Grover Norquist, the president of Americans for Tax Reform, says Chen has made frequent trips to the Beltway to hobnob with conservative policy types. Recently, Chen attended one of Norquist’s weekly Wednesday meetings, as well as a smaller lunch afterwards with the heads of right-wing economic groups. To Norquist, it was clear that Chen had one foot in the policy world and one foot firmly planted in the political arena. “Some policy guys go, ‘I do policy. … I don’t need to listen because I’ve already read the books.’ Lanhee is both a policy guy and a coalition builder.”
But whether Chen's brainpower has put the campaign on solid footing, policy-wise, is another question. Among the Republicans who were vying for this year’s nomination, Romney was more of a policy enthusiast than most. He championed health care reform in Massachusetts, of course, but was also a keen advocate of “smart growth” as governor, instituting a series of technocratic reforms intended to discourage driving and promote efficient land use. Nonetheless, there are some noticeable holes in the policies coming out of his campaign. Josh Barro, a moderate conservative economist who writes for Forbes, points out that Romney has not issued any proposals for the depressed housing market or taken a position on monetary policy. Instead, the campaign’s offerings have been limited to “the standard Republican policy prescriptions … and they don’t really have specific policies for the problems we face now.” Of his 150-some page economic treatise, Peter Suderman recently wrote in Reason, “it’s sufficiently thorough in its background analysis, yet aspirationally vague when it comes to proposing action items.”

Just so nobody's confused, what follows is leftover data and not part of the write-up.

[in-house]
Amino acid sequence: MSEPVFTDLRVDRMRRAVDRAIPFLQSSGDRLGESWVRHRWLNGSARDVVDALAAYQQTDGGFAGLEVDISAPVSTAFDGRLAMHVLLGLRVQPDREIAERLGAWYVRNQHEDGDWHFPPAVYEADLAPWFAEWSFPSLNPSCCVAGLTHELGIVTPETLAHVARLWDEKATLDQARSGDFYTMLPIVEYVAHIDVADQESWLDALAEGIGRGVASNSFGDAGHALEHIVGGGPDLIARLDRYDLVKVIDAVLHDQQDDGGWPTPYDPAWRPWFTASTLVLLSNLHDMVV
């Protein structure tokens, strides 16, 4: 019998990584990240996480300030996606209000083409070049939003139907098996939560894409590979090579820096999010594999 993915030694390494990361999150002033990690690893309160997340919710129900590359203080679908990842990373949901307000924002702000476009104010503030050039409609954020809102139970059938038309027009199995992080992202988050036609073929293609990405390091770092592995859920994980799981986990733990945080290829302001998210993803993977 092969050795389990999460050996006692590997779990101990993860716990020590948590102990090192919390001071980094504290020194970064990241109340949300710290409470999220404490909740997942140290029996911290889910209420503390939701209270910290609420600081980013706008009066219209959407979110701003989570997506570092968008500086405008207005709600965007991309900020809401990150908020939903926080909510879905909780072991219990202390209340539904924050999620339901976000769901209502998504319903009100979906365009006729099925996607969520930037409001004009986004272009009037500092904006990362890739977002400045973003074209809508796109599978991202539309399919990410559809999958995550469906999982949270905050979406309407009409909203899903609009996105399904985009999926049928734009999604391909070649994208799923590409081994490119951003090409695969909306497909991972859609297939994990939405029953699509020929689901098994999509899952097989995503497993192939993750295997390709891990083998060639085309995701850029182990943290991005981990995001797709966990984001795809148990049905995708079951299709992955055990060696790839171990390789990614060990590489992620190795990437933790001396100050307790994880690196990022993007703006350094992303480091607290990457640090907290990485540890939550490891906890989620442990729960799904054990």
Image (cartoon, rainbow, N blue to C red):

Instead of churning out new ideas, Chen appears to be focusing his energies on assailing Obama’s policies—and to that end, he isn’t shy about distorting the facts. He erroneously called an Obama-backed tax increase for high earners “the biggest tax increase in American history.” Then, in mid-April, Chen went to war with PolitiFact, which had given a rating of “mostly false” to a Romney spokesperson’s statement that 92 percent of jobs lost since Obama took office had belonged to women. The assertion was technically true but wildly misleading. For one thing, as PolitiFact explained, “Obama cannot be held entirely accountable for the employment picture on the day he took office.” For another, “by choosing figures from January 2009, months into the recession, the statement ignored the millions of jobs lost before then, when most of the job loss fell on men. In every recession, men are the first to take the hit, followed by women.” Nevertheless, for the next week, Chen hammered the “unassailable” 92 percent figure in interviews, while calling PolitiFact’s work “Obama-for-America spin” and demanding a retraction.
When I asked the campaign about Chen’s combative style, Saul praised his “purpose and poise” in an email, and noted that given his intellect, “We would be remiss if we did not use his voice both to critique President Obama’s failed record and to share Governor Romney’s policies and vision.” Most of the other people I spoke to attributed the discrepancy between Chen’s academic reputation and his no-holds-barred attitude to the ugly reality of politics. Even his former colleagues from academia weren’t perturbed when I described remarks of his that rose to the level of intellectual dishonesty. “The border between honest and dishonest politics ... these days is an unclear one,” says Verba, Chen’s dissertation adviser. “If everything he said was honest, and detached from partisan views, then among people putting out material for political campaigns, he would be a minority of one.”
Molly Redden is a reporter-researcher for The New Republic.